When the legislation moved to a Senate-House conference, however, the situation changed drastically.

"I frankly thought that the provision might not survive the conference," says one legislative aide who attended the sessions. "But Talmadge picked it up and said, 'Why should we have sealed bidding in the South. I think we ought to have it all over.' All of a sudden, wham, bang, it was broadened to cover 'all sales except where the secretary determines otherwise by regulation.' Until then, it was just window-dressing.

Some hand-wringing ensued on the House and Senate floors, but Congress was in a mood to hurry up. On the House floor, Rep. StevenSymms (R-Idaho) tried to uphold oral auctions as an established tribal folkway. He suggested that the conference really meant to require sealed bidding only when "reasonable evidence indicates that collusion is occurring." But in a colloquy with Krebs, House Agriculture Chairman Thomas Foley (D-Wash.) said that the conferees "did not intend to give the secretary carte blanche authority to depart from the sealed bidding procedure."

The Forest Service took the new law seriously, at least at first. It suspended all sales for a few weeks following enactment, then decreed sealed bidding for all sales except in isolated cases where it would adversely affect a community dependent on national forest timber. Only the town in the West qualified for oral auction.

The protests welled up. The Forest Service was swamped with some 3,000 letters, most of them in complaint. Rep. Al Ulman (D-Ore.), the chairman of the House Ways and Means Committee, arranged a meeting with Acting Secretary of Agriculture John A. Knebel last Dec. 8 to hear from representatives of several lumber firms in his district. The Forest Service regulations were relaxed shortly thereafter, to exempt more communities, although chief McGuire has said that "we were drafting the new guidelines even before that meeting."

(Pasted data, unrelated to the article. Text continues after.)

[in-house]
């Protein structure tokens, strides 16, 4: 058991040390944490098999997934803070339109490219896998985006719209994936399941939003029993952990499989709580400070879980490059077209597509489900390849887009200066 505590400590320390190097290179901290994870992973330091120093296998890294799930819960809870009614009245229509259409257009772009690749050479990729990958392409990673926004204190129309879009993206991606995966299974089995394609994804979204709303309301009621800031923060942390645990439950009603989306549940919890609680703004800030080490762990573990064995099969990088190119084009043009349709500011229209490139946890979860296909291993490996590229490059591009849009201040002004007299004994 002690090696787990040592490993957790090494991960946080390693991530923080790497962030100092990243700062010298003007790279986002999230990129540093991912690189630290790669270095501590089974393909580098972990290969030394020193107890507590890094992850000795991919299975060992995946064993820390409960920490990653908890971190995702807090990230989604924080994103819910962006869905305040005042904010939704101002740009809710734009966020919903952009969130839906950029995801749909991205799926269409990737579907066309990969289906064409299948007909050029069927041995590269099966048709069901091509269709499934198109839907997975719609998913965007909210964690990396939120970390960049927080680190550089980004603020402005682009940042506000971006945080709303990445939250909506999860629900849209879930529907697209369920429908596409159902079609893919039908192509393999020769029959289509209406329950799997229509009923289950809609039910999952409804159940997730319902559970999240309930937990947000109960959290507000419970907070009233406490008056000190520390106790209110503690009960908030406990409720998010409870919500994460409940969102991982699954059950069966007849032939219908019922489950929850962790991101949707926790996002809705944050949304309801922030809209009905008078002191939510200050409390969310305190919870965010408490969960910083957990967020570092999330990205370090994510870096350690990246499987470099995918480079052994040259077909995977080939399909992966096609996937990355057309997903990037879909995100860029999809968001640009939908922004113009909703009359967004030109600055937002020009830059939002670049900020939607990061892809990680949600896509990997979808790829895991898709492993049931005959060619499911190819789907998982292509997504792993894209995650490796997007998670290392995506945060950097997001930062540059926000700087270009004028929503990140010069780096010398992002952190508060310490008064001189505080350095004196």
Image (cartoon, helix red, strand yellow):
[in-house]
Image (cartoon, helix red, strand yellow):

Krebs noted crisply at a House forests subcommittee hearing in February that most of the firms represented at the meeting with Knebel were under subponea by a federal grand jury looking into timber sales in that area of Oregon. In Krebs' own California district, which includes the Sierra National Forest, three other firms were under subponea by a federal grand jury investigating alleged bid-rigging there. In all, according to Justice Department anti-trust lawyers. "six areas are currenly being investigated for possible timber-bidding collusion. It is noteworthy that each of these investigations has concerned an area where oral bidding was the predominant method of selling timber."

In addition, just last month, the 9th U.S. Circuit Court of Appeals upheld the 1975 convictions of the Champion Inteernational Corp. and six other defendants for collusive bidding in violation of the Sherman Antitrust Act, for timber from Oregon's Willamete National Forest. Despite the Justice Department, acknowledged difficulties in obtaining proof of collusion in the tightly knit timber industry, the Court held that the circumstantial evidence of a tacit agreement in the Champion International case was persuasive enough.

According to the government, the defendants methodically took turns acquiring - without substantial competition - most of the various cutting contracts offered by the Forest Service during the period covered by the indictment. The trial judge found that "in sale after sale over a four-year period, the one who expressed an interest in a sale was the one who took the sale without opposition."

By early February, however, the drive to repeal the sealed bidding rule was in full swing. The National Forest Products Association busied itself in the effort, along with at least 20 other trade groups.

Some contacted Sen. Frank Church (D-Idaho), who only two years ago had proudly hailed the debut of Lewiston, Idaho, as a port city with barge access to the ocean. Now he is said to be worried about the prospects of outsiders using the prt to take the timber from Idaho. A protectionist surge is making itself felt on Capitol Hill thses days in many ways.